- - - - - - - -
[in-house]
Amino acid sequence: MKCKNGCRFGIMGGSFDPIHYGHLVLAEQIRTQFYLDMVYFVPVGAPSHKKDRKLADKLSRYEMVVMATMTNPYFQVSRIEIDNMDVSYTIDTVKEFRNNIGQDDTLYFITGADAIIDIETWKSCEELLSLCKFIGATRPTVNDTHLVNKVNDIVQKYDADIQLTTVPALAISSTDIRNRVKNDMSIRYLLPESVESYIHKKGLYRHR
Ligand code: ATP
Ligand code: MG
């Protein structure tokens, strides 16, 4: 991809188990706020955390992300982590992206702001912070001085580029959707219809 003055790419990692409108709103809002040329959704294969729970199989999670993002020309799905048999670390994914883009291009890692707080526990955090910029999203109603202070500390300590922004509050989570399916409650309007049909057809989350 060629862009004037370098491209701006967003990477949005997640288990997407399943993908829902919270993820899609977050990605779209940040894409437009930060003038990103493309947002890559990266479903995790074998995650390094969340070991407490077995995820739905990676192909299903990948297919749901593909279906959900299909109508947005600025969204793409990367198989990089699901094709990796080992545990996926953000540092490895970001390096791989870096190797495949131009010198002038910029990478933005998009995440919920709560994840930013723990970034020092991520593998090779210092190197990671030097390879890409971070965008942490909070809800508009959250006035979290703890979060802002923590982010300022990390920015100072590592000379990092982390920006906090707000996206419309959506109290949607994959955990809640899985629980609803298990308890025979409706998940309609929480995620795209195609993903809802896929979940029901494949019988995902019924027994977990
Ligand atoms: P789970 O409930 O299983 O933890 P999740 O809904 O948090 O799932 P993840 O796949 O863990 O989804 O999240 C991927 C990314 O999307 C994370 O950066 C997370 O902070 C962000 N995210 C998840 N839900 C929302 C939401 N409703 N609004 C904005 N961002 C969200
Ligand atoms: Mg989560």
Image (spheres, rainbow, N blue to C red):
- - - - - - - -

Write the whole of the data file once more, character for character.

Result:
[in-house]
Amino acid sequence: MKCKNGCRFGIMGGSFDPIHYGHLVLAEQIRTQFYLDMVYFVPVGAPSHKKDRKLADKLSRYEMVVMATMTNPYFQVSRIEIDNMDVSYTIDTVKEFRNNIGQDDTLYFITGADAIIDIETWKSCEELLSLCKFIGATRPTVNDTHLVNKVNDIVQKYDADIQLTTVPALAISSTDIRNRVKNDMSIRYLLPESVESYIHKKGLYRHR
Ligand code: ATP
Ligand code: MG
């Protein structure tokens, strides 16, 4: 991809188990706020955390992300982590992206702001912070001085580029959707219809 003055790419990692409108709103809002040329959704294969729970199989999670993002020309799905048999670390994914883009291009890692707080526990955090910029999203109603202070500390300590922004509050989570399916409650309007049909057809989350 060629862009004037370098491209701006967003990477949005997640288990997407399943993908829902919270993820899609977050990605779209940040894409437009930060003038990103493309947002890559990266479903995790074998995650390094969340070991407490077995995820739905990676192909299903990948297919749901593909279906959900299909109508947005600025969204793409990367198989990089699901094709990796080992545990996926953000540092490895970001390096791989870096190797495949131009010198002038910029990478933005998009995440919920709560994840930013723990970034020092991520593998090779210092190197990671030097390879890409971070965008942490909070809800508009959250006035979290703890979060802002923590982010300022990390920015100072590592000379990092982390920006906090707000996206419309959506109290949607994959955990809640899985629980609803298990308890025979409706998940309609929480995620795209195609993903809802896929979940029901494949019988995902019924027994977990
Ligand atoms: P789970 O409930 O299983 O933890 P999740 O809904 O948090 O799932 P993840 O796949 O863990 O989804 O999240 C991927 C990314 O999307 C994370 O950066 C997370 O902070 C962000 N995210 C998840 N839900 C929302 C939401 N409703 N609004 C904005 N961002 C969200
Ligand atoms: Mg989560």
Image (spheres, rainbow, N blue to C red):